Association between obesity and local control of advanced rectal cancer after combined surgery and radiotherapy

Article information

Radiat Oncol J. 2016;34(2):113-120
Publication date (electronic) : 2016 June 17
doi :
1Department of Radiation Oncology, Inje University Busan Paik Hospital, Inje University College of Medicine, Busan, Korea
2Department of Molecular Medicine, Keimyung University School of Medicine, Daegu, Korea
Correspondence: Yunseon Choi, MD, PhD, Department of Radiation Oncology, Inje University Busan Paik Hospital, Inje University College of Medicine, 75 Bokji-ro, Busanjin-gu, Busan 47392, Korea. Tel: +82-51-890-8606, Fax: +82-51-891-1754, E-mail:
Received 2016 March 22; Revised 2016 May 2; Accepted 2016 May 19.



The association between metabolism and cancer has been recently emphasized. This study aimed to find the prognostic significance of obesity in advanced stage rectal cancer patients treated with surgery and radiotherapy (RT).

Materials and Methods:

We retrospectively reviewed the medical records of 111 patients who were treated with combined surgery and RT for clinical stage 2–3 (T3 or N+) rectal cancer between 2008 and 2014. The prognostic significance of obesity (body mass index [BMI] ≥25 kg/m2) in local control was evaluated.


The median follow-up was 31.2 months (range, 4.1 to 85.7 months). Twenty-five patients (22.5%) were classified as obese. Treatment failure occurred in 33 patients (29.7%), including local failures in 13 patients (11.7%), regional lymph node failures in 5, and distant metastases in 24. The 3-year local control, recurrence-free survival, and overall survival rates were 88.7%, 73.6%, and 87.7%, respectively. Obesity (n = 25) significantly reduced the local control rate (p = 0.045; 3-year local control, 76.2%), especially in women (n = 37, p = 0.021). Segregation of local control was best achieved by BMI of 25.6 kg/m2 as a cutoff value.


Obese rectal cancer patients showed poor local control after combined surgery and RT. More effective local treatment strategies for obese patients are warranted.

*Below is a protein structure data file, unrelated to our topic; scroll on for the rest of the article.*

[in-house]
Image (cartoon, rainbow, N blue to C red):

The association between cancer and metabolic effects of obesity is receiving increased attention [1-3]. Seyfried et al. [1] previously argued that cancer is a metabolic disease that evokes disturbances in cellular energy metabolism. The alterations in lipid metabolism is related tumorigenesis [4]. Many studies have recently revealed the relationship between obesity and cancer [5,6], including a prospective cohort study by Calle et al. [7] that studied the association between overweight, obesity, and cancer occurrence. Especially, obesity seems to be greatly associated with occurrence and progression of gastrointestinal cancer [7-9]. Interestingly, rectal cancer risk seems to vary with sex, according to previous studies [10-12].

For American Joint Committee for Cancer (AJCC) stage 2–3 rectal cancer patients—especially T3 or clinically node-positive patients—preoperative or postoperative radiotherapy (RT) significantly reduces the local failure rate [13]. Rectal cancer patients undergoing total mesorectal excision also showed improved local control (LC) after RT, although this improvement did not translate into a difference in survival [14]. Therefore, RT is considered the current standard therapy in locally advanced rectal cancer, and RT to the pelvis is recommended for rectal cancer patients because it can reduce the probability of local failures after surgical resection of stage 2 or 3 tumors [13,15].